“Neither the wisest constitution nor the wisest laws will secure the liberty and happiness of a people whose manners are universally corrupt.” —Samuel Adams (1749)
IN TODAY’S EDITION
- Should partisan hacks have security clearance? Trump considers it.
- The Ninth Circuit upheld the Second Amendment … for now.
- Trump should follow his own advice to “be cautious” on red lines with Iran.
- Daily Features: Top Headlines, Memes, Cartoons, Columnists, and Short Cuts.
On Monday, we learned that President Donald Trump is considering revoking the security clearances of several Barack Obama-era officials and another from George W. Bush’s term following his meeting with Sen. Rand Paul (R-KY). White House Press Secretary Sarah Sanders responded to a reporter’s question over whether Trump was looking to revoke former CIA Director John Brennan’s security clearance: “Not only is the president looking to take away Brennan’s security clearance, he’s also looking into the clearances of Comey, Clapper, Hayden, Rice, and McCabe. The president is exploring the mechanisms to removing security clearance because they’ve politicized and in some cases monetized their public service and security clearances. Making baseless accusations of improper contact with Russia or being influenced by Russia against the president is extremely inappropriate, and the fact that people with security clearances are making these baseless charges provides inappropriate legitimacy to accusations with zero evidence.”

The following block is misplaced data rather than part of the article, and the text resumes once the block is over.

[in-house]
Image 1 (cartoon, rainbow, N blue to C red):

Early on Monday, Paul tweeted about his meeting with Trump, “Just got out of WH meeting with [Trump]. I restated to him what I have said in public: John Brennan and others partisans should have their security clearances revoked.” He added, “Public officials should not use their security clearances to leverage speaking fees or network talking head fees.” Paul was referencing the fact that both Brennan and former Director of National Intelligence James Clapper are currently contributors to NBC/MSNBC and CNN respectively.
Last week, Paul described Brennan as unhinged for his history of repeated vitriolic partisan statements against Trump: “John Brennan has a history of leaking information. Not only for political reasons. … Who in their right mind would want to let him have the power still to look through everybody’s records?”